TheDilemma Model simulates decision making in dilemma-like situations. It is a Sequential-Question-Model which describes the way to find the best option in situations without perfect solution. In ethical dilemmas most people arrive at similar decisions. The modelling of this phenomenon comprises the aspects of fitness, necessity and proportionality. The four sequential questions of the Dilemma Model shall be demonstrated by a patient’s choice between treatment options at the dentist. The first question is: What is the objective (that dentist and patient are aiming for)? The second: Are all (treatment) options qualified for this objective to the same extent? The third: Which of those options that reach the objective with an acceptable probability brings about the least disadvantages (for me, the patient)? And the fourth: Do I consider the disadvantages of this option as acceptableor as disproportionate in relation to the objective and the probability to reach it? – The model assumes that human decision making chooses the comparatively best option with the first three steps, while it uses the fourth step to decide, whether or not this option is worth the trouble. If the comparatively best option is not worth the trouble then this is true for all options and we choose none of the options (we waive a treatment). The model can be used for simple dilemmas (costs and benefits adhere to the same individual) and, combined with the Empathy or the Respect Model, for complex dilemmas (where those who pay the costs are not identical with the ones who benefit). Because the four questions represent an accurate model of human decision making in a dilemma, it is advisable to include this model in all regulations on issues where politicians, authorities, or citizens are confronted with ethical dilemmas. If the persons concerned make their decisions under reference to this model it is most likely that the decision is accepted by the people. Therefore, in Germany this model is widely used in legislative processes as well as in jurisdiction to find ethically acceptable solutions for complex dilemmas. If used by lawyers to clarify complex dilemmas the model is called ‘Principle of Proportionality (in the broader sense)’. Today, this model represents a central element in European Union legislation, besides the ‘Principle of Subsidiarity’ (Art. 5 Treaty on European Union). Thus, the European Union is obliged to legislate in accordance with this principle.Biomedical research on laboratory animals represents such a complex dilemma which is legislated that way. For instance, concerning the third question, the EU Directive says: “Member States shall ensure that the number of animals used in projects is reduced to a minimum without compromisingthe objectives of the project.” (Art. 4 Para. 2 Directive 2010/63/EU). And regarding the fourth question: “The project evaluation shall consist in particular of the following: […] a harm-benefit analysis of the project, to assess whether the harm to the animals in terms of suffering, pain and distress is justified by the expected outcome taking into account ethical considerations, and may ultimately benefit human beings, animals or the environment […]” (Art. 38 Para. 2 Directive 2010/63/EU). “[…] Member States shall ensure that a procedure is not performed if it involves severe pain, suffering or distress that is likely to be long-lasting and cannot be ameliorated.” (Art. 15 Para. 2 Directive 2010/63/EU). From the viewpoint of the three models, the German Animal Protection Act and the German National Objective ‘Animal Protection’ (Art. 20a German Constitution) appear to be inspired by one thought: Lawfully causing an animal pain, suffering or harm as well as killing a vertebrate animalis bound to an ‘acceptable justification’ (vernünftiger Grund) according to the ‘Principle of Proportionality’.In order to allow for the application of the Principle of Proportionality in conflicts between animal welfare and basic rights, in particular freedom of science, freedom of religion, and freedom of the arts, the German Constitutionincorporated animal welfare in 2002. – Based on these considerations, the Dilemma Model renders the normative messages of the herein before mentioned models more precisely: As long as there is no ethical dilemma, people’s moral sense and sense of justice claims that it is immoral and wrong to cause sentient beings unpleasant sensations or to kill them. To do so is (only) acceptable in an ethical dilemma if the least-disadvantage-option is chosen (least number / least harm for the individual) AND this option is considered both feasible AND not disproportionate in relation to the objective and the probability to reach it (that is primarily: fit for the purpose to prevent the expected harm of the dilemma with less resulting damage than not doing anything).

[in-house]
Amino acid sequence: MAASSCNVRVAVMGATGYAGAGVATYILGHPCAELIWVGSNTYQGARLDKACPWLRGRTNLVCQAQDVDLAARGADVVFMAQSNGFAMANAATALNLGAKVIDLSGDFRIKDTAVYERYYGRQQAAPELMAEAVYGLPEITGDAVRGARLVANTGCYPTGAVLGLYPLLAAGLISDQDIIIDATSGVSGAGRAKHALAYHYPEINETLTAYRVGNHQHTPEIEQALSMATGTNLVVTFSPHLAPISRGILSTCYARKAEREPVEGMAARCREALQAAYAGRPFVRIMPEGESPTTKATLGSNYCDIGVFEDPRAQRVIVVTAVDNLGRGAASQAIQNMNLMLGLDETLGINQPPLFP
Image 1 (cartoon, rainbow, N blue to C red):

What valuation of animal disease control measures is forecasted by the three models?